THUNDER BAY – Politics – Reaction to the appointment of Bernard Valcourt to Aboriginal Affairs Minister from First Nations groups continues. There are a variety of views being expressed. The Assembly of First Nations appears fairly willing to work with the new Minister. The Manitoba Chiefs are stating that they want the new Minister to start listening more.
Reaction from Aboriginal Groups
Assembly of First Nations National Chief Shawn A-in-chut Atleo issued the following statement today on the Prime Minister’s announcement of Bernard Valcourt, Member of Parliament for Madawaska-Restigouche (New Brunswick), as the new Minister of Aboriginal Affairs and Northern Development Canada:
“This cabinet change comes at a unique time for First Nations and Canada, a true moment of reckoning where we have a commitment from the highest levels of the Government of Canada to achieve real progress and transformative change for First Nations citizens.
“We see intensifying demand and opportunity to achieve justice, fairness, and political, social and economic development for First Nations. Our work continues on the basis of nation-to-nation relationships to implement our rights and responsibilities, empower and enable our governments and support them through stable, predictable and fair funding mechanisms. First Nations will continue to advocate for the implementation of Treaties, all living agreements, commitments and promise, including those made at the Crown-First Nations Gathering and by the Prime Minister on January 11th, 2013.
“We hope that Minister Valcourt will work with the First Nation leadership directly to advance priority areas to achieve transformative change for our peoples. I look forward to meeting with the Minister as soon as possible to discuss immediate next steps in facilitating this dialogue, and together with the leadership, driving forward the work of building stronger First Nations and a stronger Canada.
“I also wish to acknowledge the former Minister of Aboriginal Affairs and Northern Development, the Honourable John Duncan, and thank him for his hard work and dedication and wish him well in his future endeavours.”
The Assembly of Manitoba Chiefs Grand Chief Derek Nepinak issued the following statement on the occasion of the Prime Minister’s announcement of Bernard Valcourt named as the new Minister of Aboriginal and Northern Development Canada (AANDC):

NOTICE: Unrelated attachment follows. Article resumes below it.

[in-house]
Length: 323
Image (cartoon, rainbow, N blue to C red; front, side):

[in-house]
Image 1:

This portfolio has many critical issues to address such as the proposed new First Nations Education Act, changes to the Indian Act without consultation with First Nations, high level commitments made regarding treaty negotiations, on-reserve water and sewer, housing shortage crisis, inadequate reserve infrastructure and working towards establishing a First Nations resource equity position are just a small number of the major issues facing the new Minister.
It would be nice to hear the words or a statement from the new minister opposed to regurgitation from the previous minister. It’s quite apparent from his first ‘statement’ that there is a common thread tying ministers together in a tightly controlled authoritarian Harper regime.
I understand the new minister has a strong and accomplished record in Eastern Canada. Whether his strong record will mean anything in the highly contained and controlled Harper regime remains to be seen. The development of the Canadian idea is also fundamentally different in western Canada because of treaties that opened the west to immigrant settlement. I am uncertain as to whether the minister from eastern Canada can or will fully understand the fundamental differences.
However, I congratulate the Honourable Bernard Valcourt on his new assignment and welcome him as the Minister of Aboriginal and Northern Development Canada, and Interlocutor for Métis and Non-Status Indians.
I encourage Mr. Valcourt to be open to considering the unique position of Indigenous people in the Canadian nation state. He must be grounded in evolving international standards as represented by the Declaration on the Rights of Indigenous Peoples, and must be well versed in the dark colonial history and current challenges impacting First Nations people in the application of the Indian Act.
In the new Minister’s first statement as Aboriginal Affairs Minister, Valcourt stated, “Our Government remains committed to working with those Aboriginal leaders who want to work with the Government of Canada to create jobs and growth in their communities”.
That is likely the kinds of statements that demonstrate what many First Nations see as an implied threat.